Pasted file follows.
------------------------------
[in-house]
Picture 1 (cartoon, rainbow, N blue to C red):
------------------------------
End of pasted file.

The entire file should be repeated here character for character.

[in-house]
Picture 1 (cartoon, rainbow, N blue to C red):